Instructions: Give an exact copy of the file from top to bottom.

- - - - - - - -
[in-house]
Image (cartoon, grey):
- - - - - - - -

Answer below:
[in-house]
Image (cartoon, grey):